Federal funds won't be forthcoming. Neither Sen. Bert Stedman, co-chair of the Senate Finance Committee, nor Gov. Sean Parnell is ready to pledge the state to $150 million up front and an open obligation in the future to guarantee money for the Knik Arm crossing.
Yet the Knik Arm Bridge and Toll Authority, or KABATA, and its state Senate champion, Linda Menard, keep talking as if this project is a sure thing.
The same old questions remain.
If the long-term toll and traffic projections are so good and so solid, why does the project depend on state guarantees? Menard and others have enthusiastically spoken about all the interest shown by major private outfits in the project. Sure they're interested, because if KABATA has its way, the state assumes all the risk.
As Sen. Stedman pointed out, you could get a private company to build just about anything with that kind of deal.
Stedman called the current proposal for state guarantees a "non-starter." That should tell the bridge authority something.
Backers have to make a better case for why the bridge is needed now, why its traffic and Mat-Su growth projections should be accepted and why the state must be on the hook if those projections don't pan out.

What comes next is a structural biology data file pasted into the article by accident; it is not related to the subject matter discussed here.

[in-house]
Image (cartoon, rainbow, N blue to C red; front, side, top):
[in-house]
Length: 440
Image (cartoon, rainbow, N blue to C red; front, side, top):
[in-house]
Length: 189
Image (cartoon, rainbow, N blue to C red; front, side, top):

Scott Goldsmith, an economist with UAA's Institute for Social and Economic Research, has pointed out the disparity in household growth projections by Wilbur Smith Associates, ISER and the state Department of Labor and Workforce Development. More telling, however, was his questioning last fall of Wilbur's conclusion that trips per household would double by 2035. Why would the number of trips per household double?
Gov. Parnell, generally a supporter of roads to resources, isn't sold on the request for money. He wants more public scrutiny. So do we. If the bridge were necessary now, with more than speculative demand on both sides, we'd say never mind the guarantees, let's just boost the capital budget or bond for it and build it.
Nobody has made that case yet.
BOTTOM LINE: Skepticism is right response to call for Knik Arm bridge money.